- The Washington Times - Monday, April 29, 2002

JERUSALEM Israeli Prime Minister Ariel Sharon and Yasser Arafat both accepted yesterday a U.S. proposal to end the Palestinian leader's five-month confinement in Ramallah by turning over to U.S. and British custody the half-dozen suspected assassins sheltered in his Ramallah compound.
Under the plan, the men accused of the October murder of Israel's former tourism minister would be transferred from Ramallah to an undisclosed facility on Palestinian soil. They would be guarded by American and British jailers and then tried under Israeli law.
Mr. Arafat would be freed when the transfer is completed, Israeli officials said last night.
Calling it a "hopeful day for the region," President Bush said yesterday at his ranch in Crawford, Texas, "Chairman Arafat is now free to move around and free to lead, and we expect him to do so."
Mr. Sharon will travel to Washington next week, at Mr. Bush's invitation, to discuss the conflict, Israeli authorities said yesterday.
The Israelis also delayed by at least another day the arrival of a U.N. fact-finding mission for Jenin, saying that the mission is inherently biased against Israel.
Israel, which last week reluctantly accepted the group, said it would not cooperate with the panel until more military and terrorism experts were added and the inquiry was expressly confined to the events in Jenin.
In addition, the government wants to approve the list of Israelis who will speak to the panel, and to protect them from future prosecution.
"Why should we help them bring upon Israel this libel, this slander from Jenin?" Israeli Communications Minister Reuven Rivlin told reporters yesterday afternoon.
"This awful United Nations committee is out to get us and is likely to smear Israel. No country in the world would agree to such a thing." Asked repeatedly whether the government would allow the team to enter, he said only, "It depends."
Mr. Rivlin did not reject the team outright, but other government officials indicated that cooperation was increasingly unlikely unless U.N. Secretary-General Kofi Annan agrees to Israel's demands.
Israeli troops continued their three-week siege of the Church of the Nativity. Negotiations to put on trial or extradite the accused terrorists within it broke off on Saturday and no resumption has been scheduled.
Some observers were hopeful that if the Ramallah compromise were accepted, a similar formula could be applied to the standoff in Manger Square, where food and water have run low but there is still plenty of ammunition and animosity.
The confrontation endangers the church that stands on the site where, many Christians believe, Jesus was born.
The Ramallah proposal was sent overnight in a letter from Secretary of State Colin L. Powell to Mr. Sharon. The Israeli Cabinet accepted it by a vote of 19-7, with Likud and other hard-line parties dissenting.
The proposal was formally submitted to Mr. Arafat during a visit yesterday evening by U.S. and British diplomats. They said the Palestinian leader agreed to it immediately.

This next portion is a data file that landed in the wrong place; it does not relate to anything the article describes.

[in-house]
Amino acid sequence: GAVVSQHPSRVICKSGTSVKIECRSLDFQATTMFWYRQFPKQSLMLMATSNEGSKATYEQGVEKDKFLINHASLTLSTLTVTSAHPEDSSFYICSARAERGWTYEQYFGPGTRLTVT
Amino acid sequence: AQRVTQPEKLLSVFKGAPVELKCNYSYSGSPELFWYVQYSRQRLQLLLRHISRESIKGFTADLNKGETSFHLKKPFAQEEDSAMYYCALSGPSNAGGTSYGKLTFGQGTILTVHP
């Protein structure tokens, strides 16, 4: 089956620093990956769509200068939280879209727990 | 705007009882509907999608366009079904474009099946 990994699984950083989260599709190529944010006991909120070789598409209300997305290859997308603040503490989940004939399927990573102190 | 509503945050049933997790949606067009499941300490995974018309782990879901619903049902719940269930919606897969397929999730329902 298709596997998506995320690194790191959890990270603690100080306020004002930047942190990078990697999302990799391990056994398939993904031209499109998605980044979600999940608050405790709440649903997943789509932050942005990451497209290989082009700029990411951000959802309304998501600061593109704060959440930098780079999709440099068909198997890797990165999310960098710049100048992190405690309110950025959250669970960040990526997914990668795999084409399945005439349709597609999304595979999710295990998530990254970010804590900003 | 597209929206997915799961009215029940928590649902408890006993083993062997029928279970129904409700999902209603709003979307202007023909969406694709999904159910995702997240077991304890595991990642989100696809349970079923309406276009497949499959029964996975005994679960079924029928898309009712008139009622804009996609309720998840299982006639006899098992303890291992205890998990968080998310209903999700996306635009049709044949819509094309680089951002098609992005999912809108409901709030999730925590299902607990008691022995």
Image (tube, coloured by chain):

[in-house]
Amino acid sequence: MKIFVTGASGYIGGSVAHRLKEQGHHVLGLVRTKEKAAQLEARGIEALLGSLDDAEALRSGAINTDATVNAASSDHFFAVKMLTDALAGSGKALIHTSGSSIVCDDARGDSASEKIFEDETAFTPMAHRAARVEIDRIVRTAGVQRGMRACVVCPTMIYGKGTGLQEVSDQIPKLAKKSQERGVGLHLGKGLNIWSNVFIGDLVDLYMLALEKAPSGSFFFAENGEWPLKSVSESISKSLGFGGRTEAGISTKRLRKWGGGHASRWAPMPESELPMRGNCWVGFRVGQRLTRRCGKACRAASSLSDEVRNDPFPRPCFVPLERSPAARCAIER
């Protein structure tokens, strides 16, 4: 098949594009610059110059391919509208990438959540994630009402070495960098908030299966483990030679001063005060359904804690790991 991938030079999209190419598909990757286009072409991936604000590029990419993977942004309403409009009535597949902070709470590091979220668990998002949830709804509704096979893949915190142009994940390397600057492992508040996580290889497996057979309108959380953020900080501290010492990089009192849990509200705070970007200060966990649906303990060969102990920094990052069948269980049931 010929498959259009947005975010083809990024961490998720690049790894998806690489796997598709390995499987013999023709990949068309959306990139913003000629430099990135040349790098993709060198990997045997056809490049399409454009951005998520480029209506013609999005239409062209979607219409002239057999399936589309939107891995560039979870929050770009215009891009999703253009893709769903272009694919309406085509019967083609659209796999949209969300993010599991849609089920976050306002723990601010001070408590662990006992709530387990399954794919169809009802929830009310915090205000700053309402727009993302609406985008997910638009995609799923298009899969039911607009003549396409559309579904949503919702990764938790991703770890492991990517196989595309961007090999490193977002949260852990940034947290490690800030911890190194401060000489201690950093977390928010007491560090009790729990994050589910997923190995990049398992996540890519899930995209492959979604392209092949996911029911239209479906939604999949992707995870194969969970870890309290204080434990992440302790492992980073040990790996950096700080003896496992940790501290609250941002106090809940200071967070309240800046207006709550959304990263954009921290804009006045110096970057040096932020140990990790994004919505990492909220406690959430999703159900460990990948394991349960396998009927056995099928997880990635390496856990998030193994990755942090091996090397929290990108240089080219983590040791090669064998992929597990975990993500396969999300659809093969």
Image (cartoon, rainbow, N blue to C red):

Four of the six wanted men were convicted during a daylong trial conducted last week in the Ramallah compound. A fifth was not tried and the sixth, Fouad Shoubaki, has been identified by Israel as the Palestinian Authority's financier of terrorist activities and as its liaison with Iran.
The Palestinians say they are satisfied with the proposal, but demanded that the U.N. fact-finding mission for Jenin arrive as quickly as possible, because the evidence of what they call a "massacre" in Jenin is eroding.
The Israelis say the fighting in Jenin, heavily booby-trapped by the Palestinians, was not a massacre but a battle, and note that they lost 23 dead in the fighting.
So far, 48 Palestinian bodies have been cataloged at the Jenin hospital, including several classified as likely noncombatants.
Urban rescue units have joined in trying to excavate remaining bodies from the rubble.
The U.N. team comprising two humanitarian experts and a former president of Finland is now idling in Geneva while the government and U.N. officials try to work out the details.
Foreign Minister Shimon Peres has been working the telephones to woo key diplomats, while an Israeli legal team has been in New York pressing Israel's demands for changes in the delegation.
The United Nations had no official comment yesterday but the U.N. Security Council had convened yet another private meeting to discuss the situation.
Although Israeli troops have withdrawn from most of the West Bank, they continue to encircle many towns where would-be bombers have been active, including Qalqilya, Nablus and Jenin.
In Hebron yesterday, Palestinians said they were waiting for what many expect will be the inevitable retaliation for the murder of five settlers, including a 5-year-old girl, at the nearby Adore Jewish settlement Saturday morning. Hamas claimed responsibility for the killings, done at point-blank range in the homes of the families.
And early today, dozens of Israeli tanks and armored vehicles entered Hebron, witnesses said.
The armored vehicles came from the west and north and were accompanied by attack helicopters, firing machine guns from the air, and at least one Palestinian was killed, witnesses said.
Israeli military sources, speaking on the condition of anonymity, confirmed that a military operation was under way but would give no further details.

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